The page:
Demand Valves and MTV's

Video 44 of 49
3 min 20 sec
English
English
Want to watch this video? Sign up for the course or enter your email below to watch one free video.

Unlock This Video Now for FREE

This video is normally available to paying customers.
You may unlock this video for FREE. Enter your email address for instant access AND to receive ongoing updates and special discounts related to this topic.

What we are going to look at now is the demand oxygen valve. And it is slightly different from what you will find in most oxygen kits. Where you would find this type of system are specialist emergency ambulances, but also in the scuba diving world because what this oxygen system will allow is 100% oxygen, as much as the person wants, because the person had the mask over and they can breathe into. If they are breathing really, really fast, they will always be given 100% oxygen, and it is particularly important in a scuba diving accident because it is so important that we get as much oxygen in the system to expel as much of the nitrogen out of the system. The components of it are the main true fit mask, which goes in the front. You can get different sizes of these, and this will seal around the mouth and the nose. You can easily take it on and off, by just pulling it away and pushing it back on. This is the main regulator part here, and what this will do is if you breathe in slowly or quickly, it will just give you as much as you need. This is what you call the demand valve, this is very similar to you would on an energies gas demand valve, just for delivering Nitronox or Entonox.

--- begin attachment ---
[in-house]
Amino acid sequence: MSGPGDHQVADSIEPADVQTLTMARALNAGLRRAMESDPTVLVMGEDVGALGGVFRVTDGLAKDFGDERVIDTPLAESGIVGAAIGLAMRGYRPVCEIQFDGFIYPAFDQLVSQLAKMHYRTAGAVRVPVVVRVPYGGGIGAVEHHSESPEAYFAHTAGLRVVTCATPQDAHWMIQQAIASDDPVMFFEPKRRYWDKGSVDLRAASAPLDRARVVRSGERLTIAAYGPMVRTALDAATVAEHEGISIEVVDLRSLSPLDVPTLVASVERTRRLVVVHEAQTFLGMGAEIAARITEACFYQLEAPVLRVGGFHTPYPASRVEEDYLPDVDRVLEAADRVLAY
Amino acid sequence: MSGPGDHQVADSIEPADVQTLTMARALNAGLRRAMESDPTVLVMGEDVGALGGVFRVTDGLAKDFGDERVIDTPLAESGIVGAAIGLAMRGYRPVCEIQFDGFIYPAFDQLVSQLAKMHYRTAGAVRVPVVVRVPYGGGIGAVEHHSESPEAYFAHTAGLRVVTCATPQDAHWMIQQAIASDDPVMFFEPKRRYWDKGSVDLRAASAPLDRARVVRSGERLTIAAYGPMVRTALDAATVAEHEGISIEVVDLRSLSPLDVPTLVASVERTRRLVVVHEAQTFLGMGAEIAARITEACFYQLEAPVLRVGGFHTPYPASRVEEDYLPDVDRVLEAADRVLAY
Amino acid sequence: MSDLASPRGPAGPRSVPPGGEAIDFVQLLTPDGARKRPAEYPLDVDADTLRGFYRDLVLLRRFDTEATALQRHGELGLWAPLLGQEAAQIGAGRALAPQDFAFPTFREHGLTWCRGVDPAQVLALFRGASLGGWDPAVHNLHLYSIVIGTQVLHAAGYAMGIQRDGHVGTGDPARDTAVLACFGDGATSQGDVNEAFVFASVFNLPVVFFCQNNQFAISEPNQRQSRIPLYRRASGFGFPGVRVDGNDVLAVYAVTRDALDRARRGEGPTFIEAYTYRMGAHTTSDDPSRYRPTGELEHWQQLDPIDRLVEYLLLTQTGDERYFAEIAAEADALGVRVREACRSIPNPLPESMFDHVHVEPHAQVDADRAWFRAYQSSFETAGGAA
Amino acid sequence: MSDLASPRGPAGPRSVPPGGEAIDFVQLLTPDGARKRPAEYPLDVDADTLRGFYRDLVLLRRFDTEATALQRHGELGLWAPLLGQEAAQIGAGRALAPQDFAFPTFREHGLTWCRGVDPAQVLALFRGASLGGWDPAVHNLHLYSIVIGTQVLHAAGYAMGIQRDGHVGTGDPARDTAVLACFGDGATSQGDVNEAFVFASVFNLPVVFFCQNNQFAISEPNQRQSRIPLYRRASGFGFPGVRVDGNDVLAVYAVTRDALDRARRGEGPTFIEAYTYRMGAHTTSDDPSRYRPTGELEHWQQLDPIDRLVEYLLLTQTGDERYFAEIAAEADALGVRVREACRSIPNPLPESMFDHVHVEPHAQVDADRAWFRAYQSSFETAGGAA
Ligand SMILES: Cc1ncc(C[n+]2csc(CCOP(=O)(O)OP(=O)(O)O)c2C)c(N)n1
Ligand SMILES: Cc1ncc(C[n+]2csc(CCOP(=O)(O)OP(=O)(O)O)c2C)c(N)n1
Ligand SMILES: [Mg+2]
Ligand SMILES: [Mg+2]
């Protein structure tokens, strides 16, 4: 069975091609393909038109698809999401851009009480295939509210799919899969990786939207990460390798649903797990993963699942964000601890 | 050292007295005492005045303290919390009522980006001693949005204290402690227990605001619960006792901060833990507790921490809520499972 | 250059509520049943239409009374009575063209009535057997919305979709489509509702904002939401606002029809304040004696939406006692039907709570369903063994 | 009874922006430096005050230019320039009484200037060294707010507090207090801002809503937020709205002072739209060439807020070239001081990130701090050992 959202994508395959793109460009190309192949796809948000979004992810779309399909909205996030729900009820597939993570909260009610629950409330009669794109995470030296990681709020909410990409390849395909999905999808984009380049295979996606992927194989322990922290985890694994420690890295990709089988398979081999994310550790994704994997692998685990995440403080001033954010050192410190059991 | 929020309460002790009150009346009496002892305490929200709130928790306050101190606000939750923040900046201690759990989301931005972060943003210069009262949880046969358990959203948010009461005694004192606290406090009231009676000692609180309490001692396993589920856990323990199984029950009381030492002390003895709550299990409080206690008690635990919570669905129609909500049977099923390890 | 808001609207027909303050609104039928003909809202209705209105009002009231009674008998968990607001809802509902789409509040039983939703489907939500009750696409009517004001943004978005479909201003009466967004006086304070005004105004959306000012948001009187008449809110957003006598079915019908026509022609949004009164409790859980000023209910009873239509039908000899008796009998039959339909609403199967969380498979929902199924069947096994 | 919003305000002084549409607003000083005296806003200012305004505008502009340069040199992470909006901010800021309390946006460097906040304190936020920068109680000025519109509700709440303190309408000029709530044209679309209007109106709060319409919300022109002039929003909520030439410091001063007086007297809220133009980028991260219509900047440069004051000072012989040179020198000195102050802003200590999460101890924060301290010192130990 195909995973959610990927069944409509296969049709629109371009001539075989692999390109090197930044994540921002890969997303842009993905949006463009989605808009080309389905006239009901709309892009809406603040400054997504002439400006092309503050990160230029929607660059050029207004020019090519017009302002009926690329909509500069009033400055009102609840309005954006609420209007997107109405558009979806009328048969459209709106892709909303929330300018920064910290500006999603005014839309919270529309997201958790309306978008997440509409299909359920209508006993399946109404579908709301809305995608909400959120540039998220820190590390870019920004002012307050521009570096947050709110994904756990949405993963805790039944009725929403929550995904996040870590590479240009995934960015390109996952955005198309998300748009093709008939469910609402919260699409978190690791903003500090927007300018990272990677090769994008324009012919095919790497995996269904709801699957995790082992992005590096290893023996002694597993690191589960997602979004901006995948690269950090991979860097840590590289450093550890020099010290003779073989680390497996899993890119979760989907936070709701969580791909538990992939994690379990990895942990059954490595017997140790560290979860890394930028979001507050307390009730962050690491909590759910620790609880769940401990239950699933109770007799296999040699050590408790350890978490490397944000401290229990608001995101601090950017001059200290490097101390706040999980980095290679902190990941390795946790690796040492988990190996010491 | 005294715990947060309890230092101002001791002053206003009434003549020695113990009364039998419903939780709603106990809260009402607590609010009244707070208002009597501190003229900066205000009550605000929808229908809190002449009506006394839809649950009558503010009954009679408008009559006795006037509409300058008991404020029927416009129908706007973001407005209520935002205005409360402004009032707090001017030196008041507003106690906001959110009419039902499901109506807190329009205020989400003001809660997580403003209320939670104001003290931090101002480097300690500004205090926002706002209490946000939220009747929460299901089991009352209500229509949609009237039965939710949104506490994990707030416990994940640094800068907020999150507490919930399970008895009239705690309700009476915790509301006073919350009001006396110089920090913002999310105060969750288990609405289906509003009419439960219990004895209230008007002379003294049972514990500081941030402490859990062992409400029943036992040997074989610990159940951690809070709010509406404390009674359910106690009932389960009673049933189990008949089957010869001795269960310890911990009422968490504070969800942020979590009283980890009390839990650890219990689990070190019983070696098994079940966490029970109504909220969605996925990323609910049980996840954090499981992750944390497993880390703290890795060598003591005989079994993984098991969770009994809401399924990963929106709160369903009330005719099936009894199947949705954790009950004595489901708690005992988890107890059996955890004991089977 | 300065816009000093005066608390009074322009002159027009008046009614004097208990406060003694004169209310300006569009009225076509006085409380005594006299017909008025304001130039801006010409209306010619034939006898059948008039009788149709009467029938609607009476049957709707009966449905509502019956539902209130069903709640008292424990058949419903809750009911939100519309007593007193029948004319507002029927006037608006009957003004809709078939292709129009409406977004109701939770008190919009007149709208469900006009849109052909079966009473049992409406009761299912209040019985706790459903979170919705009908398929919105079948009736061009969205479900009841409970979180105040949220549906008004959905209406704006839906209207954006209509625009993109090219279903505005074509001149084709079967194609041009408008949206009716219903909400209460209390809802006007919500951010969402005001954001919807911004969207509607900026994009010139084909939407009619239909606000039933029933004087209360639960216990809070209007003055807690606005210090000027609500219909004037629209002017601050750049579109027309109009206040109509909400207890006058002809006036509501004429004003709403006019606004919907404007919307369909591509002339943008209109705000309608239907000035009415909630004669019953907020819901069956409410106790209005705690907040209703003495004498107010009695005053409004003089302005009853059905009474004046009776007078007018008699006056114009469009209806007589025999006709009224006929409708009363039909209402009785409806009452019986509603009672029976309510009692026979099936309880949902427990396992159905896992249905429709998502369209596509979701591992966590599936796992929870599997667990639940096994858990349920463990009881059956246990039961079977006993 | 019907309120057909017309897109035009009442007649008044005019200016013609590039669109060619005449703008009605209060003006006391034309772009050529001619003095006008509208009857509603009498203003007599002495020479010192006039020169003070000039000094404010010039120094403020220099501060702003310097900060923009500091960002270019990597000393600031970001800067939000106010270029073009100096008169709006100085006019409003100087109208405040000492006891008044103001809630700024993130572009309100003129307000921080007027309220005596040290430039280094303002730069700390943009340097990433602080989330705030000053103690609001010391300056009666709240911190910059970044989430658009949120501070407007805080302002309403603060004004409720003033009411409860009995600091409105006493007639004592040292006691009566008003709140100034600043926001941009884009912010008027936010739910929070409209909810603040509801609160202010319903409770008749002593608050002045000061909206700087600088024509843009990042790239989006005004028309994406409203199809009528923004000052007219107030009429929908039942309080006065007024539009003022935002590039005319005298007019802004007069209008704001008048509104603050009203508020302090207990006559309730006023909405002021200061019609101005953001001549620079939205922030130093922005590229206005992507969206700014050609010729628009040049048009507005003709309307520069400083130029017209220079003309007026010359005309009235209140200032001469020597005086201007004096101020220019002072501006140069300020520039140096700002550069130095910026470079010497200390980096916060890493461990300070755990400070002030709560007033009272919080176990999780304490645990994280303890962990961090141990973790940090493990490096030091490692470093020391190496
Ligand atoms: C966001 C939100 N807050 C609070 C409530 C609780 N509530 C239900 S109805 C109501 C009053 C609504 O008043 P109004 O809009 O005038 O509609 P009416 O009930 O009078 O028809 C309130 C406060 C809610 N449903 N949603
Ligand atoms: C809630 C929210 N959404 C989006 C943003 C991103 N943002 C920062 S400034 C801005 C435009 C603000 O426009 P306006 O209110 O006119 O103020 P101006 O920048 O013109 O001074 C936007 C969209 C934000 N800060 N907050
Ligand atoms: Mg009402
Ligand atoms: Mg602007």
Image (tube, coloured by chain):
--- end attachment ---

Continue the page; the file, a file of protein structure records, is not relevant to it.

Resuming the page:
This particular one is a manually triggered valve as well, so on the end here, you got a button. What you can do with that is if you were doing CPR and you are doing the breaths, you can actually just set up the mask, hold it in place, push the button, and that will force the oxygen in. It's another way of pushing air into a patient without using a bag valve mask, it's just used in some applications not that common. The piping here is white because it's rated for oxygen, and on this end, you have got the main regulator, and with this regulator here is a gauge that shows you how much oxygen is left in the cylinder. You got a continuous oxygen port on the bottom, so you can use that for a pocket mask, non-rebreather mask or nasal cannula, and you got another connection here for putting another demand valve on, and this here is just a simple screw fix, so you just literally undo that and do it up, and then you can connect to the regulator to the main demand valve. On this end, there's a knob that adjusts and it's a window here, and this particular one will go up to 25 litres a minute. And at 25 litres a minute for a continuous flow is 10 litres a minute more than most oxygen cylinders will do.

So within this type of set-up, you would have an oxygen tank using a Pin Index System. And the Pin Index System is what we see in here, so you have two pins and you have the main oxygen feed, so literally on the top of the cylinder is a section like this. And on this back here, you have got a little hole, which is where this knob just connects into. On this side, you have one hole for the oxygen and the other two holes are just locator pins. To the cylinder itself, would have this on the top and you literally pop that over the top, you just line it up correctly, and then you just tighten this up in place so that you can secure it to the cylinder. You do not need to do it too tight, just do it tight enough, but do not overtighten it because you over tighten it, that's where you can do some damage. This is a Pin Index System, and you would have to use this because you are demanding a lot more oxygen from a cylinder than a conventional medical grade oxygen cylinder can provide.